Supporting Statement of the Youth of European Nationalities for the Minority SafePack Initiative
The European Citizens’ Initiative “Minority SafePack” that is one of the most important minority-related initiatives in Europe in the last decades, calls for promotion and improvement of minority rights in the European Union, in this the rights of minority youth.
With the positive feedback that the initiative received during the public hearing in the European Parliament on 15 October 2020, the unanimous adoption of the resolution of the German Bundestag, the adopted resolution in support of the Initiative of the European Parliament, we as the Youth of European Nationalities (YEN), a European network representing young people from ethnic, national and linguistic minorities, feel the need to highlight the importance and impact that the European Citizens’ Initiative “Minority SafePack” would have on young people from minorities.
YEN has been actively supporting the process of the ECI throughout the member states of the European Union since its very beginning. We have contributed with the collection of thousands of signatures, successfully reached out to other youth organizations, such as national youth councils, the European Youth Forum and other European networks, and amplified the youth voice, demonstrated the power of youth activism and encouraged solidarity with minority rights.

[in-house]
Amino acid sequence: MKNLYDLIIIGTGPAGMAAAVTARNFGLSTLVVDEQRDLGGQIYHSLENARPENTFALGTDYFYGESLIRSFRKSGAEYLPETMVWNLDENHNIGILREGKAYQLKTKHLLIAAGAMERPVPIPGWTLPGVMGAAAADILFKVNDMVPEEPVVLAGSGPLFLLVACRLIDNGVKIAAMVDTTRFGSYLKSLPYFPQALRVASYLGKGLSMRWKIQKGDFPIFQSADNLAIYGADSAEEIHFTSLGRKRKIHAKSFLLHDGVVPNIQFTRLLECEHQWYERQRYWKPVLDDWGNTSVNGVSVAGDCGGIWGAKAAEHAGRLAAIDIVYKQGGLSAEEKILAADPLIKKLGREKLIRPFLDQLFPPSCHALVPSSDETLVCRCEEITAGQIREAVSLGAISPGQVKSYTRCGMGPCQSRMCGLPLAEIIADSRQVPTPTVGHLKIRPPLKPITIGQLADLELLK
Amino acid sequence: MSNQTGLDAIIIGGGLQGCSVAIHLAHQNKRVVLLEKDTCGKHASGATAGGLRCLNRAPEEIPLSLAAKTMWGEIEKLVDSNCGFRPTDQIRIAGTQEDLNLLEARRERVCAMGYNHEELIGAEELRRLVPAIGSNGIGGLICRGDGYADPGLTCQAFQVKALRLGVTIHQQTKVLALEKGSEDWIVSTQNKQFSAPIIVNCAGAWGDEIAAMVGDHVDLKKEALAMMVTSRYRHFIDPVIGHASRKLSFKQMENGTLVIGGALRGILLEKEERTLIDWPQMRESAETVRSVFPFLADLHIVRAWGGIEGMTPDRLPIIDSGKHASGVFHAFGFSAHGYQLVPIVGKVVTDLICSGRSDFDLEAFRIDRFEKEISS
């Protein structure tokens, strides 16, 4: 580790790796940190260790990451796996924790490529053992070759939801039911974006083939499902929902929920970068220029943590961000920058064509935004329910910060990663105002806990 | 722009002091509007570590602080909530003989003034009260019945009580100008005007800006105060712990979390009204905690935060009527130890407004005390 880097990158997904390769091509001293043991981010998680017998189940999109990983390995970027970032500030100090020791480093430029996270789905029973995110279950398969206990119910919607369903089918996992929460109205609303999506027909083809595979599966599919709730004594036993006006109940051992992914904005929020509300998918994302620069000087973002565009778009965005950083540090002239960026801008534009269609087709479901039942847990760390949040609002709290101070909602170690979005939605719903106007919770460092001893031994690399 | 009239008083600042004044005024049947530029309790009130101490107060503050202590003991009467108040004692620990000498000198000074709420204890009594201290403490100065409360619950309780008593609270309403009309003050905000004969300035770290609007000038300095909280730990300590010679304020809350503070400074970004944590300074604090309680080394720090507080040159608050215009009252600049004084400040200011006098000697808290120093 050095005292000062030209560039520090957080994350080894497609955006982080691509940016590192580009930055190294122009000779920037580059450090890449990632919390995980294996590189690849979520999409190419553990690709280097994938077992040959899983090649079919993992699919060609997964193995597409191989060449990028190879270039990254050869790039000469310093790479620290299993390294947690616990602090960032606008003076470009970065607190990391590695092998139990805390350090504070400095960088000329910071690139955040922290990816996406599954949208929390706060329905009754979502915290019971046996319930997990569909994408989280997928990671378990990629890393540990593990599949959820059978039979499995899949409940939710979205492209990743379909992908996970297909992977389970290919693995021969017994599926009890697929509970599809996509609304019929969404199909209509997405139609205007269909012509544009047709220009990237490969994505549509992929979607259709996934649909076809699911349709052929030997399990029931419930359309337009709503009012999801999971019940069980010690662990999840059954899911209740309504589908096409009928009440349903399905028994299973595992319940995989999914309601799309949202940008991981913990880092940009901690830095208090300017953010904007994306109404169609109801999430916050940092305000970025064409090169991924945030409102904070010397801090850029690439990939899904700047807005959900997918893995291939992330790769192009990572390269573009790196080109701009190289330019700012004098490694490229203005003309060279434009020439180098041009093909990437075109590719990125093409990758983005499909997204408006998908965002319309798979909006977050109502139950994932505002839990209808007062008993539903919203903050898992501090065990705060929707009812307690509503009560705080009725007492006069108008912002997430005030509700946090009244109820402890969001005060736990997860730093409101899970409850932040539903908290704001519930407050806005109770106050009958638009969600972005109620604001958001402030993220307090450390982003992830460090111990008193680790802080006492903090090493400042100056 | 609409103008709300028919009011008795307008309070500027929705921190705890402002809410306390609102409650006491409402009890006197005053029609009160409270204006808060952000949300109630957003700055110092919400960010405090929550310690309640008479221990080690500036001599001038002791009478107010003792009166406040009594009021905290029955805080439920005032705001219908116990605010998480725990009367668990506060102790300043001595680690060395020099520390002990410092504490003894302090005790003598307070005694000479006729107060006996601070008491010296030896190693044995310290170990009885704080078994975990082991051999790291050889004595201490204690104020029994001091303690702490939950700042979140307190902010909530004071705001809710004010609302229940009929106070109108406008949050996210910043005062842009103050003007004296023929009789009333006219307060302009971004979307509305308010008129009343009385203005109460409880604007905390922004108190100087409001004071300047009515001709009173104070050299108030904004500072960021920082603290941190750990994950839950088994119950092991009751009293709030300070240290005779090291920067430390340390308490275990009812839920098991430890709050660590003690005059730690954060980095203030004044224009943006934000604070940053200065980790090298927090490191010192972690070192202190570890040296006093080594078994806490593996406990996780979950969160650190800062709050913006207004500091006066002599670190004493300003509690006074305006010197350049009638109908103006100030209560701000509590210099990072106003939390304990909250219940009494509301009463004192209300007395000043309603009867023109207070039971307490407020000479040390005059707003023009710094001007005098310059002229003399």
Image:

The success of the ECI in its initial stage underlines the European wide support and need for the recognition and implementation of minority rights. A positive recommendation of the Minority Safepack will be vital to all youth in the European Union and will have a positive impact on their lives and opportunities to participate in an equal and inclusive society. We highlight the need for a positive recommendation for all proposals of the ECI Initiators, but we also stress that a negative reply for one proposal cannot lead to a negative recommendation for all proposals of the Initiative.